Measurement and Standards for Disaster Resilience and Natural Hazards Risk Reduction (+$5 million)
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With a large percentage of the nation's buildings and infrastructure clustered in disaster-prone regions, U.S. communities can and do suffer catastrophic losses from extreme events such as hurricanes, tornadoes, wildfires, earthquakes, and flooding. Despite significant progress in disaster-related science and technology, natural and technological disasters in the United States are responsible for an estimated $55 billion in average annual costs in terms of lives lost, disruption of commerce and financial networks, properties destroyed, and the cost of mobilizing emergency response personnel and equipment. Three major incidents in 2011 alone were particularly devastating—the May tornado in Joplin, Mo., that killed 162 (highest total since 1950) and caused $2.8 billion in damage; the extensive flood and wind impacts in August from Hurricane Irene throughout the East Coast and New England that left 47 dead and $7 billion in damage in its wake; and the 31,000 wildfires across Texas in the fall and winter that destroyed nearly 4 million acres and 3,000 homes.
Critically needed metrics, tools, and standards to ensure community-level resilience do not exist to enable communities to recover rapidly from these disasters with minimal loss of life, minimal damage to buildings and infrastructure lifelines, and minimal business disruption.
NIST has significant statutory responsibilities in these areas, including the National Earthquake Hazards Reduction Program (2004), the National Construction Safety Team Act (2002), the National Windstorm Hazard Reduction Act (2004), and the Fire Prevention and Control Act (1974). Furthermore, NIST is home to the Engineering Laboratory, whose research is used to improve and strengthen standards, codes, and practices worldwide.
Through a multi-year, public-private partnership program strategy, this funding will enable NIST to work with stakeholder interests in all hazard areas to develop and adopt a national resilience framework and associated resilience models, standards, and policies. Additionally, NIST will help address the extraordinary R&D gaps (in both magnitude and scope) to realize the full potential of national resilience.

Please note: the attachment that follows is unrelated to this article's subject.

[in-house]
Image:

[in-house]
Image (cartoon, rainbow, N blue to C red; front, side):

Key elements of the NIST program will include:
NIST will provide leadership to convene the highly diverse stakeholder interests—planners; designers; contractors; and federal, state, and local officials; as well as standards developing (SDOs), code, industry, and professional organizations—across all infrastructure sectors to develop and adopt a national resilience framework and associated model resilience standards and policies. This will include formation of a private sector-led, government-funded National Model Resilience Standards Panel (NMRSP) to engage the larger community and to accelerate the development of standards.
Standards for community and regional resilience need to address (1) lifeline systems, with an emphasis on critical physical infrastructure systems, (2) new and existing buildings, particularly those essential to community resilience, and (3) communities that are severely threatened by fires at the wildland-urban interface and by extreme weather events.
NIST will work with stakeholders to realize the full potential of national resilience and develop critical measurement science tools needed by U.S. industry for: (1) risk-based condition assessment of aging infrastructure systems; (2) determining the remaining service life—and guiding development and use—of sustainable infrastructure materials; and (3) ensuring the disaster resilience of structures under extreme conditions (specifically, hurricanes, tornadoes, and other windstorms). Solutions will require active partnership with the private-sector (including the NMRSP), academia, and other organizations and agencies.
This initiative is focused directly on finding solutions to the six Grand Challenges identified by the President’s National Science and Technology Council in June 2005. It will improve the nation’s ability to respond to disasters by: